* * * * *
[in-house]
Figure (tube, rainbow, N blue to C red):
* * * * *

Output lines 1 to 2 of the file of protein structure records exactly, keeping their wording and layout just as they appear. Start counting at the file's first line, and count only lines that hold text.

[in-house]
Figure (tube, rainbow, N blue to C red):